Today is the Solemnity of Christ the King, a most peculiar Christian holiday and a relatively new one: It was instituted by Pope Pius XI in 1925 — practically the day before yesterday, for a 2,000-year-old institution.
Anno Domini 1925 was a dark time in Europe. The Continent had subjected itself to a horrifying war only a few years before, the industrial and mechanized nature of which announced a new kind of uniquely modern horror. In Germany, Adolf Hitler had published Mein Kampf and had just attempted to seize power in the Beer Hall Putsch. In Russia, V. I. Lenin had died after establishing the monstrosity that was the Union of Soviet Socialist Republics, and his shoes were more than filled by his protegé, Joseph Stalin. Closer to Pope Pius’s own besieged dominion, Benito Mussolini’s fascists had marched on Rome in 1922 and seized power in a bloodless coup d’état. The papacy was at the time in a tenuous position: Though it had been stripped of the Papal States, it had not yet formally renounced all claim to them, and the Lateran Treaty, which recognized Vatican City as an independent sovereign power, had not yet been signed.
The 20th century was an age of political arrogance unlike any that had come before. Ancient kings and khans had given themselves grandiose titles, and ordinary warlords could, with a little luck and longevity, come to be regarded as gods. But the great idea of the 20th century — putting all of society under the single discipline of a single mind bent to a single aim — was beyond the dreams of Julius Caesar or Henry II. German national socialism, Italian fascism, Russian communism all shared an assumption that was truly new to the age, though there had been a foreshadowing of it in the French Revolution. That idea was that the state is destined to be total, and that this development represents the culmination of its evolution rather than a perversion of its nature. For the Nazi, the fascist, the Soviet central planner, nothing was to be outside of the purview of the state. The state, guided by the enlightened reason of the men entrusted with its power, was to determine everything: which fields to plant with wheat and which to plant with potatoes, how those should be distributed and consumed, how the family should be organized, who should have children and how many they should have and how they should be raised . . . who lives, who dies, who is an Enemy of the People, where to build the concentration camps and how to populate them, how much to bill the grieving families of the state’s enemies for the bullet the state’s agents put into their heads.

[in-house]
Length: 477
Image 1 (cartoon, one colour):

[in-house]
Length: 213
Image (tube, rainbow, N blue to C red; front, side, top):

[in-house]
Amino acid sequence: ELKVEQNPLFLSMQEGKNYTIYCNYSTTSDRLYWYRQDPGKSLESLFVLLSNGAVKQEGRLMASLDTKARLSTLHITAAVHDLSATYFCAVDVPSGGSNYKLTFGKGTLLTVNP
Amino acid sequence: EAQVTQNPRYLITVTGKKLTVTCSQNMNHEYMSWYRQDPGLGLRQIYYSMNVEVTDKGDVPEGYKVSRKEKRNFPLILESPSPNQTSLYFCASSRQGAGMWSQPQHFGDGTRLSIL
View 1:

The idea of the total state may have been discredited by the horrors of the 20th century — 100 million dead under communism, millions gassed and murdered under Nazism, unknown numbers disappeared, tortured, maimed, murdered, and occasionally eaten under sundry juntas — but the idea never quite dies. Of course we good liberal Americans are going to lock religious dissidents in cages for declining to bake a wedding cake when the state says they must.
We Americans have a related creed, one that holds these truths to be self-evident, that all men are endowed by — there’s no avoiding the question — their Creator with certain unalienable rights. Our founding notion is that even a king may go only so far and no further — because even the greatest powers on this Earth are, in the end, answerable to an infinitely higher power. On this, there is and can be no negotiation and no compromise. It is not mere coincidence that what the Nazis and the Communists had in common was their paganism, reconstituted for 20th-century consumption. The Christian understanding of the universe, in which God and man meet in the person of Jesus, is fundamentally incompatible with the totalitarian view of the universe, the philosophy of man as meat, the understanding of the human being as a herd animal to be husbanded, traded, milked, and, if the powers that be so decide, slaughtered. The message of Christ the King is that while we may owe the legitimate secular powers some obedience, they cannot claim us as property to be disposed of in accordance with their own whims, because there is Another who has a prior and superseding claim on us.
Render unto Caesar? We will what we must — but not a mite more.
— Kevin D. Williamson is the roving correspondent of National Review.